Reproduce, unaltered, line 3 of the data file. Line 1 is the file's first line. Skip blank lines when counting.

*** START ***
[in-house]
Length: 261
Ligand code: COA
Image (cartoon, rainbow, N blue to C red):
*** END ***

Ligand code: COA